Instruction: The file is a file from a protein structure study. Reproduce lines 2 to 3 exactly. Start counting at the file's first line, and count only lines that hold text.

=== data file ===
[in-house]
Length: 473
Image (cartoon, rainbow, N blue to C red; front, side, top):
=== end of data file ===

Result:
Length: 473
Image (cartoon, rainbow, N blue to C red; front, side, top):